JUDGES: In Bank. Beatty, C. J. Van Fleet, J., Harrison, J., McFarland, J., Henshaw, J., and Temple, J., concurred.


          BEATTY, Judge

         The defendant appeals from a judgment inflicting the death penalty for murder and from an order denying his motion for a new trial.

         Numerous errors are assigned upon the rulings of the trial judge, and it is also contended that the evidence is insufficient to sustain the verdict.

         The evidence for the prosecution was, in substance, "that on the morning of April 18, 1895, shortly after midnight, the defendant entered a barroom at the corner of Hayes and Laguna streets, in San Francisco, where were present the barkeeper, the deceased, and a party named David Middleton. The deceased and Middleton were asleep. Defendant aroused Middleton, and told him to wake up the deceased, which he refused to do. Defendant then said, 'I will wake him up,' and struck deceased two blows with a knife in the neck. When asked what he had done, defendant said, 'I have woke him up; I have fixed him; I have killed the son of a bitch.' A police whistle being blown, he again walked [47 P. 460] to the deceased and struck an additional blow, remarking, 'Dave, I have killed him; I have fixed the son of a bitch,' showing a knife, and throwing it on the floor. Subsequently, on being arrested, he admitted the stabbing, and when asked why he had done it, replied that he would explain it at the proper time. It was also shown that about 9 o'clock on the evening of the 17th defendant entered the same saloon and inquired for the deceased, calling him a son of a bitch, and saying, in substance, he was not prepared for him at 6 o'clock, but he was then. From the effect of the wound the deceased died almost immediately."

         The evidence was amply sufficient to justify the inference that the killing was unlawful, premeditated, and deliberate; or, in other words, that it was done with express malice, and the conflicting evidence offered by the defendant tending to prove habits of drunkenness and insanity does not detract from the legal sufficiency of the evidence for the people.

         The following instructions were requested by defendant, and refused by the court:

         " 2. That if you believe this defendant, from a severe blow, or from any other cause, was an epileptic for some five years prior to April 18, 1895, and was also addicted to over-indulgence in intoxicating drink during the same period, and, for these reasons, was in such a mental condition as to prevent him from distinguishing between right and wrong at the commission of the act, then it is your duty to acquit him.

         " 3. That if you believe that the defendant was intoxicated at the time he committed this act, but before he became intoxicated he had not premeditated the killing, then it is your duty to take into consideration the extent of his intoxication, in determining whether or not it was of such a degree that he could not, at the time, premeditate the act.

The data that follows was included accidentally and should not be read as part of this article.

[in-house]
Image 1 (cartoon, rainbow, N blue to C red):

" 4. If you believe the defendant by reason of epilepsy, or long continued use of intoxicating liquors, was in such a condition of mind at the time he committed the act, even though that condition was temporary, that he could not distinguish right from wrong, you must acquit him."

         The court did not err in refusing these instructions. Those numbered 2 and 4 are objectionable as instructions in relation to the plea of insanity, on account of the manner in which they confuse intoxication and insanity; and, even if they had been less objectionable in this respect, their refusal would have been harmless, for the reason that the whole law of insanity, as applicable to the case, was clearly and fully given in the charge of the court.

         The instruction numbered 3 is a sufficiently clear and correct statement of the legal proposition applicable to a case in which it appears that the defendant was intoxicated at the very time of the killing. But in this case that material fact was not shown. It appeared from the evidence that the defendant was addicted to the use of intoxicating liquor, was frequently under its influence, and when so affected was abusive and quarrelsome. "It also appeared that he had been drinking on April 17th ." This is absolutely all that is shown by the bill of exceptions in relation to intoxication at the time of the killing, and, in our opinion, is wholly insufficient to establish the fact. It does not show how much or how often he had been drinking on the 17th, or at what hour, or that he had at any time reached the stage of intoxication, and no doubt an habitual drinker might have partaken more than once on the 17th, and been perfectly sober on the 18th. In the absence of any substantial evidence of intoxication at the time of the killing, the superior court was justified in refusing this instruction.

         One of the grounds of the motion for a new trial was newly discovered evidence touching the alleged insanity of the defendant.

         Aside from the opinions of the experts (which were in direct conflict), the substance of all the evidence adduced at the trial in relation to defendant's insanity is stated as follows in the bill of exceptions:

         " The defense then introduced evidence showing that defendant was addicted to the use of intoxicating liquor, and was frequently under its influence, and when so affected was ugly and abusive. It also appeared that on April 17th he had been drinking. This evidence was introduced at the morning session of November 13th. There was no testimony of delirium, resulting from liquor, by those testifying in the morning. In the afternoon of November 13th a brother of the defendant took the stand and testified to the drinking of defendant, to his injury about the head, and to his having had frequent fits; none that he knew of away from home; these fits having some of the symptoms of epilepsy. No one but the brother testified to these fits. There was other testimony of his drinking, and of his being ugly and abusive when under its influence, and on one occasion that he threatened suicide in the presence of another brother."